Occupy Wall Street, and the Straw Man Who Worked Hard For His Money
Traditional media coverage of OWS has been obviously and expectedly flawed, biased, spun, and sensational, but what the 1% should understand, is that this movement isn’t personal, it’s institutional.
Reason begs that we address every argument to gain insight and perspective when there’s conflict. For all of the compelling and thought provoking “We are the 99%” snippets out there, there are also a few “1%” diatribes that make solid arguments, but miss the entire point of the OWS movement.
There is a disconnect between the institutions, both public and private, and the people of the United States. Every argument ever made against capitalism, from Marx to your next door neighbor, seems to have come to fruition in the last few years. The banking and corporate leviathans have embedded themselves into our democratic government processes, and are now able to game the system at will to avoid oversight and create poisonous financial instruments that are time-bombs, and when these bombs explode, they call for, and get, cyclical bail-outs with taxpayer money, avoid their fare share of taxes, and hold their record breaking post-recession profits hostage overseas demanding even MORE tax breaks to bring the money back (just to name a few grievances). This has consequently “trickled-down” into record unemployment, income inequality, detriment to public services and infrastructure, and ultimately, detriment to the quality of life for the rest (99%) of the American populous. The arguments are real, the people are real, the crimes are real (although largely unpunished), and, our democratic process will prove to be real if OWS can facilitate the change it is fighting for.
A Difference in Perspectives
There are different perspectives and opinions at play here. Simply dissect media (traditional and new-age alike) coverage, and there are enough opinions on OWS to make your head spin. Depending on the underlying biases and dispositions of various groups, the OWS movement goes from a fervent democratic necessity to nothing more than unemployed and lazy youngsters looking for welfare. Some mainstream favorites are “OWS doesn’t even know what they’re protesting about”, or “They’re a bunch of dirty, pot smoking hippies looking for a hand-out”.
Regardless of which categorization of the movement you subscribe to, you’d have to be living under a rock not to notice that our government, and the banking cabal that runs it, hasn’t really been making decisions in the best interest of the people these last few years. Those informed citizens capable of critical thinking, however, whether conservative, liberal, or in the middle, are able to understand that movements like these don’t arise from ambiguous ambitions and disorganized “hippies”. They arise because the people demand change, and the OWS movement will end up being the ultimate barometer of the health of the democratic process in this country.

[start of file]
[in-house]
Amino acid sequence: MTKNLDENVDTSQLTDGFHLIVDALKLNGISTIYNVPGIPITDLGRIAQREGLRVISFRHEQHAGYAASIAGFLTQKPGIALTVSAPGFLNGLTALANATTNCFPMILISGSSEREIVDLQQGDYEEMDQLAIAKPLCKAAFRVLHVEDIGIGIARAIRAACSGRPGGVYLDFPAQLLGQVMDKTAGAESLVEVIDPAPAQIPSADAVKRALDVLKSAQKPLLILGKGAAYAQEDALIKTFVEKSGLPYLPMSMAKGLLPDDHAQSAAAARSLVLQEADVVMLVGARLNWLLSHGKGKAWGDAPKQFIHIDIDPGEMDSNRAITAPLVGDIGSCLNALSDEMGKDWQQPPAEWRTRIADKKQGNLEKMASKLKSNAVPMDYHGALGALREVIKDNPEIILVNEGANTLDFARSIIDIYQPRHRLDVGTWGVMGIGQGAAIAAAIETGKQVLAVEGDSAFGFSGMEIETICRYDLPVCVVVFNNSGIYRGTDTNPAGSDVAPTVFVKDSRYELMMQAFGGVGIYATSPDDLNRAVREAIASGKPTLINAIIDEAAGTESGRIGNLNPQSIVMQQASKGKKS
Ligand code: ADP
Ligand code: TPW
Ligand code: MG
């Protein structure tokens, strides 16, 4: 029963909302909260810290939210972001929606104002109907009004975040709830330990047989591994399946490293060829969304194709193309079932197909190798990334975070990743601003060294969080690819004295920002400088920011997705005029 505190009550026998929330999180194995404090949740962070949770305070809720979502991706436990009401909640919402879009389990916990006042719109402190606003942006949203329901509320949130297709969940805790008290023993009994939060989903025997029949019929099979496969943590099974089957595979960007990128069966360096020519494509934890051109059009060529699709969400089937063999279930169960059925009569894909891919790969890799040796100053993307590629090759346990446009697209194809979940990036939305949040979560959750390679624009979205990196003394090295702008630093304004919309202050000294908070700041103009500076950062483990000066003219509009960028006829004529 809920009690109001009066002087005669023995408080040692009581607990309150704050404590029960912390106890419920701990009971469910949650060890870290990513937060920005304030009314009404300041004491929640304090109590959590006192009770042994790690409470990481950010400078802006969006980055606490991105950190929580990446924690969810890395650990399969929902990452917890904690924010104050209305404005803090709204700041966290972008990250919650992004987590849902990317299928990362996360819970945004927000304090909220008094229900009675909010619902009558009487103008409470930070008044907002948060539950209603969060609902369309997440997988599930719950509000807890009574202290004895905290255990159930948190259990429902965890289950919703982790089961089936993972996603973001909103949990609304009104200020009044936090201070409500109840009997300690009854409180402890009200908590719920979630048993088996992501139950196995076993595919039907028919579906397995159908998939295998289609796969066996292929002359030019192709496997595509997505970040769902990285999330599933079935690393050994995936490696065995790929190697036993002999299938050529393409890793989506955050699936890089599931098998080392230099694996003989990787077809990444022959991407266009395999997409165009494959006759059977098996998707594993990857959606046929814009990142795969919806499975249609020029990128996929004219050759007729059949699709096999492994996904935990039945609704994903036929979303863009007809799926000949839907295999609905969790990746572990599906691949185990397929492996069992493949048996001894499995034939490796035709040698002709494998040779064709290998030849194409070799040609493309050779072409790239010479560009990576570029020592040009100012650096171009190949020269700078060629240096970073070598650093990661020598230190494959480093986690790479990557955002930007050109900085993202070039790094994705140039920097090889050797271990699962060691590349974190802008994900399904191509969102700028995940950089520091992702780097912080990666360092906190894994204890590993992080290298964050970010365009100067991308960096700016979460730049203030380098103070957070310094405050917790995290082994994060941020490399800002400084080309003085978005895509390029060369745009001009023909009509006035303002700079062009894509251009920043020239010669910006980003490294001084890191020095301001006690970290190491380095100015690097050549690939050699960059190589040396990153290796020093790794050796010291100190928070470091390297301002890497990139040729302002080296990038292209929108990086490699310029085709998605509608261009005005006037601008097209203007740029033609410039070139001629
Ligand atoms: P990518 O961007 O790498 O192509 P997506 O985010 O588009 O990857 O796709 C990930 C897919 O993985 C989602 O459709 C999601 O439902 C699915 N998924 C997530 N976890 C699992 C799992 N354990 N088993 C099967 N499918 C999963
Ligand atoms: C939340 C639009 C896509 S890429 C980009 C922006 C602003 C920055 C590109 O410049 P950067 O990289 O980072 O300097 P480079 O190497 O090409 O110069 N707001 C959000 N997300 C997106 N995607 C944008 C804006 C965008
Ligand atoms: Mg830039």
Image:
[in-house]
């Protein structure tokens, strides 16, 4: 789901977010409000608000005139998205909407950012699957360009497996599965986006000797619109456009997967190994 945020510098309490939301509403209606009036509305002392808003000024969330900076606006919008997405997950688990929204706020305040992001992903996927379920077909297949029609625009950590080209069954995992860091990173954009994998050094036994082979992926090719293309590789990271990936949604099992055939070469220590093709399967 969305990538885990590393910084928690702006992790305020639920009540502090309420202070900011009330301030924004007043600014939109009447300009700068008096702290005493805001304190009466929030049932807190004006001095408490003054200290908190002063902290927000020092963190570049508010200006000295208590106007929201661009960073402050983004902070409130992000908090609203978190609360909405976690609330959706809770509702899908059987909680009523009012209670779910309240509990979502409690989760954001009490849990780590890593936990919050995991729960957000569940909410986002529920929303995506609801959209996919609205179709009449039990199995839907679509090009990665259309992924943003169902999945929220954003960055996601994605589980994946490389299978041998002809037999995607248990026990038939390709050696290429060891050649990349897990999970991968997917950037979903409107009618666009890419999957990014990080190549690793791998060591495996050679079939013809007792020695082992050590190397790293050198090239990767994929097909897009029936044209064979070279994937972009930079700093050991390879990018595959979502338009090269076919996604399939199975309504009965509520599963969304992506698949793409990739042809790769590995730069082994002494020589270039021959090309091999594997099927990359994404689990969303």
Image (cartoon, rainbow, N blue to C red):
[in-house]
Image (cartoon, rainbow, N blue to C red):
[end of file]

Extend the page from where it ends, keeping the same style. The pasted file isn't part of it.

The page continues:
The Straw Man Who Worked Hard For His Money
The individuals and families who make up the “1%” aren’t to blame. This begs to be repeated, the 1% of the people in this country that hold a disproportionate amount of the nation’s wealth in their coffers are not the ones to blame for the state of the union. The problem isn’t personal, it is institutional in nature. Society has evolved past the “let them eat cake” dynamic, and the ambitions of the OWS movement don’t call for the 99% to raid anyone’s fridge, or drink from anyone’s milkshake. Free market dynamics have been all but obliterated by the disproportionate infiltration of corporate interest into the democratic arena of the United States. Tax loopholes, cyclical tax-payer subsidized corporate welfare, corporate personhood (which alleviates liability for greedy executives), de-regulation, market manipulation, and corruption facilitated through lobbying, have transformed the upper echelons of the American economy from free market capitalism, to a plutocratic system that has numerous fascist undertones.
The individual or the family, who has worked hard, contributed goods and services that the market has demanded and consumed, and created wealth are not to blame for this new, unfair dynamic. The issue at hand is the disproportionate power that institutions (banks, corporate cabals, and the FED) have, allowing them to game these organic markets, creating and obliterating massive amounts of wealth with almost zero real contribution to the nation’s GDP.
Elizabeth Warren, Democratic Senate candidate in Massachusetts and former White House financial reform advisor (She was actually put in charge of overseeing where the TARP, ie, the bail-out funds were allocated) sums up the argument nicely, as she highlights the fact that a robust economy is not individualistic in nature, but a dynamic institutional and societal creature that needs to be nurtured.
You built a factory out there? Good for you. But I want to be clear: you moved your goods to market on the roads the rest of us paid for; you hired workers the rest of us paid to educate; you were safe in your factory because of police forces and fire forces that the rest of us paid for. You didn’t have to worry that marauding bands would come and seize everything at your factory, and hire someone to protect against this, because of the work the rest of us did.
Now look, you built a factory and it turned into something terrific, or a great idea? God bless. Keep a big hunk of it. But part of the underlying social contract is you take a hunk of that and pay forward for the next kid who comes along.
– Elizabeth Warren
The OWS movement is the ultimate test of this generation; how we approach this new era, either through fervent democratic change, or passive apathy, will determine the rest of our lives, and the lives of those yet to be born.